Minnesota Auto Insurance Claims FAQ
Any car accident has the potential to create numerous difficulties. Whether you were in a minor collision involving only property damage, or you or someone you love was seriously injured, you face an uncertain time. At Klampe Law Firm, we regularly talk to people who have been injured in accidents caused by someone else’s negligence.
We offer a free, confidential consultation to discuss your accident and injuries in detail. It will never cost you anything to talk to our personal injury lawyer, as we represent clients on a contingency fee basis in all injury claims. There is no attorney fee until you win your case. Call 507-216-8722 today to speak directly to an attorney.
- Who pays my medical bills when I have been injured in an accident?
- If I am in an accident, will my insurance rates go up?
- Who pays for my vehicle damage after an accident?
- Can I choose which doctor I want to go to for my injuries?
- What if I am unable to work due to my injuries from the accident?
- Am I entitled to any other benefits while I am hurt?
Generally, your own automobile insurance. Minnesota is a no-fault auto insurance state. Under Minnesota’s auto insurance law, your own insurance must pay for any medical care you receive because of your accident up to a certain amount. If you or a family member in the household does not have a car, another insurer will pay these bills, either the insurer of a relative in your household or of a car involved in the collision.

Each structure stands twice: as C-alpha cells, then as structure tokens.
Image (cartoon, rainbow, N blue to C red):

Your insurance rates will not go up unless the accident was your fault. Each insurance policy sets the rules, but generally an accident is not considered your fault for rate purposes unless it is deemed at least 20 percent your fault.
The insurance company for the driver who caused the accident is responsible for all of the damage to your vehicle, including any deductible. If you have collision coverage on your own insurance, you can sometimes collect from your own insurer more quickly, minus your deductible, and then your own insurance company will help you seek reimbursement from the at-fault driver’s insurance.
Yes. You have the right to receive treatment from any doctor, chiropractor or other health care professional of your choice and to change doctors if you choose. The no-fault insurer must pay these bills in full, without any co-pays from you.
Again, your own auto insurance will pay for your wage loss up to a limit. Under the Minnesota no-fault law, your own insurance company will provide limited weekly payments for lost wages. We will negotiate the claims process for you and assist in securing other sources of wage loss benefits.
An experienced personal injury lawyer will explain all benefits you are entitled to under your insurance company policy.
Contact Klampe Law Firm
Call our law firm at 507-216-8722 or complete our online contact form to schedule your free consultation with personal injury lawyer, Mark Delehanty. Home, hospital and evening appointments are available. We are based in Rochester. We represent clients across Minnesota, Wisconsin and Iowa.